This thesis investigates the possibility of deploying a fibre optic network on aircraft; the network should provide 1.25 Gbps links between various end nodes throughout the aircraft. Particular attention has been paid to Wavelength Division Multiplexing (WDM) in Passive Optical Networks (PONs) and how the network is affected by the harsh environment found on aircraft. The harsh environment presents a particular challenge with respect to the operational temperature range. Over this range it is desirable to minimise any additional weight and power consumption associated with cooling network components. One technique assessed to implement WDM with minimised cooling is to use spectrum slicing to seed reflective semiconductor optical amplifiers which will be positioned at each end node. In theory these 'colourless' nodes will be temperature insensitive and capable of uncooled operation. This has been thoroughly studied and temperature ranges for uncooled operation identified with different end node components. Different cooling techniques have also been studied; one technique using a phase change material for passive cooling with no direct power consumption and the other using a thermo-electric cooler. The efficiencies of these techniques have been compared by analysing their impact on fuel burn. The use of distributed feedback lasers in a WDM PON has also been investigated and a novel method for reducing power consumption has been proposed. It has been predicted that this could reduce the power consumption of the optical transmitters in a realistic avionic environment by up to 20 %. This network has been compared to the network using the spectrum slicing technique with particular attention paid to the relative power consumptions. The merits of both networks in the avionic context have been discussed and different scenarios where each network is suitable have been identified.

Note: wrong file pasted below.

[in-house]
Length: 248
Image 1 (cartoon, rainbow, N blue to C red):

|Date of Award||27 May 2015|
- University Of Strathclyde
|Sponsors||EPSRC (Engineering and Physical Sciences Research Council)|
|Supervisor||Walter Johnstone (Supervisor) & Craig Michie (Supervisor)|